• The Federal Reserve will stick to its plan for “steady, gradual” interest-rate increases, despite market gyrations and strong data on US wage growth that has bond traders pricing in faster rising inflation. Chicago-Fed President Charlie Evans also notes that sustained inflation would warrant further rate increases, however sluggish price increases in the US give the reserve room to hold off on interest rate increases until at least mid-2018.

   Gold ETFs 72.1moz vs US$72.4moz yesterday

Platinum US$974/oz vs US$998/oz yesterday

  • The platinum/palladium price parity is nearing as last year’s gains in palladium begin to unwind as the price falls below the $1,000 mark. Platinum recorded a limited 3% yoy gain in 2017, rocked by a decline in the popularity of diesel vehicles in Europe and therefore catalytic demand, while its frequent substitute palladium surged more than 50% on increasing demand in gasoline vehicles and supply constraints.
  • As both metals contract from highs on the resurgent dollar, head of Asia Pacific trading at Oanda Corp. foresees “more downside on palladium than platinum over the near term” as speculative long positions unwind. Money managers increased their net bullish bets on platinum futures in New York to the highest since 2016 in the closing week of January, while those on palladium dropped to the lowest since November. Further, refiner Heraeus Holding GmbH expects a rebound in industrial consumption and small shortage in platinum supply this year.
  • Russia is looking to capitalise on shortening supply to become the biggest producer of platinum and palladium to double the nation’s output. MNC Norilsk Nickel PJSC, Russia’s top platinum group metal (PGM) miner looks to joint develop three deposits with a local rival to access one of the world’s largest untapped resources. The $4 billion investment venture was sealed this week as Chief Executive Officer Vladimir Potanin signed the deal with Russian Platinum. The joint venture looks to deliver as much as 100 metric tonnes (3.5 million ounces) of palladium and platinum per year, approx. half of the output from South Africa, the world’s largest supplier.
  • The Maslovskoye deposit is also rich in nickel, copper and cobalt, positioning the project to capitalise on more stringent demand for catalytic converters and rising electric-vehicle production. The combined reserves at the three fields are an estimated 3,100 tonnes of palladium, 1,200 tonnes platinum, 2.7 million tonnes of nickel and 3.6 million tonnes of copper.

Palladium US$986/oz vs US$1,024/oz yesterday

Silver US$16.27/oz vs US$16.88/oz yesterday


Base metals:   

Copper US$ 6,832/t vs US$7,097/t yesterday

  • Copper prices dropped by almost 3% as broad base metals retreat during a week of volatile trading. Investor concerns are rising that fundamentals do not justify the current elevated price for the red metal with Julius Baer analyst commenting that “instead of just focusing on the global growth outlook, which is positive, you should keep an eye on what we call China’s old economy – the property market, the infrastructure segment. That’s where we expect a slowdown sometime this year”.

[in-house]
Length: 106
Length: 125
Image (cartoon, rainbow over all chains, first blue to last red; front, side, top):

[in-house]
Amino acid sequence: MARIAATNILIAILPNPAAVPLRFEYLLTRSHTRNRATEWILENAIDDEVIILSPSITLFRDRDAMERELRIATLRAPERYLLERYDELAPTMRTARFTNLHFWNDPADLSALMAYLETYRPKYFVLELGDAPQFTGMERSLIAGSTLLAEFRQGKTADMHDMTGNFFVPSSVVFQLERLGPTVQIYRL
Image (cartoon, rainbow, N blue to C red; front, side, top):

• Concerns over supply disruptions from Chile, the world’s top supplier, extend beyond ongoing wage negotiations as copper shipments slump as heavy swells interrupt operations across the country’s main ports. The major copper-producing nation shipped $2.58 billion of the red metal during January, recording the biggest monthly decline of 33%. The Mejillones port, which serves copper mines in the Antofagasta region was closed from Jan. 20 to Jan 28. as stormy seas restrict operation.

Aluminium US$ 2,153/t vs US$2,189/t yesterday

Nickel US$ 12,905/t vs US$13,380/t yesterday

Zinc US$ 3,380/t vs US$3,481/t yesterday

Lead US$ 2,497/t vs US$2,615/t yesterday

Tin US$ 21,365/t vs US$21,635/t yesterday



Oil US$65.3/bbl vs US$66.9/bbl yesterday

  • Oil prices faltered as US crude oil production is set to increase by more than 1.2 million barrels per day in 2018 as oil exports spread to more than 30 nations. Since the repeal of a 40-year ban on oil exports two year ago, a flood of US shale oil has effectively undercut global crude prices and eroded the clout of the Organization of Petroleum Exporting Countries.

Natural Gas US$2.720/mmbtu vs US$2.777/mmbtu yesterday

Uranium US$22.15/lb vs US$22.25/lb yesterday



Iron ore 62% Fe spot (cfr Tianjin) US$74.5/t vs US$74.0/t

  • China’s iron ore imports surge to the second highest levels on record in January as the world’s top buyer continues to enhance stockpiles ahead of the Lunar New Year holiday and the immanent lifting of the steel production curbs scheduled next month. Shipments of the steelmaking raw material rose 19% into the new year to 100 million tonnes, according to customs data. The delivery settles second on the highest delivery, with September 2017 figures recording 102.8 million tonnes.
  • There is also strong demand, restocking before the holiday and some mills were also preparing for restarts after the winter season”, according to CRU analyst. In mid-March China is set to lift steel production curbs across 28 cities as the winter heating season clears and air particulate levels subside.

Chinese steel rebar 25mm US$640.5/t vs US$645.0/t

Thermal coal (1st year forward cif ARA) US$78.7/t vs US$81.4/t

Premium hard coking coal Aus fob US$224.5/t vs US$221.9/t



Tungsten APT European US$317-325/mtu vs US$315-320/mtu last week


Cobalt LME 3m US$80,750.0/t vs US$80,750.0/t